The cost discrepancy first. While the average cost of supply rose from R2.76 per unit in 2006-07 to R3.54 (i.e. 78 paise), the average revenue realised increased just 35 paise, to R2.68 per unit (529 million units were sold in 2009-10). Again, this discrepancy varies widely across states. Part of the discrepancy is due to the cross-subsidisation to agriculture and domestic consumers, part of which is supposed to be covered by the government subsidies. 
But even this could have been manageable, had discoms not had persisting high AT&C losses, 27.2% in FY10. Even this, according to the Shunglu Committee report (which pegs this at 30%), does not include other operational losses (for example, over statement of agricultural consumption). After having dropped sharply from 36% in FY05 to around 31% of total power procured by FY07, losses have bottomed at 27% in FY10 and reportedly persists there. 
So what needs to be done to remedy the situation? The Shunglu Committee has suggested a framework that aims to impart some commercial discipline to discom operations. This is not the place to explain this. Suffice it to say that it sounds very similar to the OTS scheme of 2001, with an SPV to take over the bad loans of discoms as the innovation.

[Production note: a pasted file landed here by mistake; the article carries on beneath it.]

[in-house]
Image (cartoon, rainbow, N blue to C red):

Will this avert an aggravation of losses in the future? There are some encouraging signs. At least two of the largest loss-making states have filed (or are in the process of filing) tariff increase proposals before their respective regulators. In addition, state discoms are increasingly looking at franchising (through auctions) concentrated, high load consumer pockets to private power companies. The experience of the Bhiwandi (Maharashtra) franchise has been very encouraging; more franchises have been awarded in Kanpur and Agra. However, it is amply clear that barring a more commercial orientation of these utilities, there is unlikely to be a sustained improvement in their operations and finances.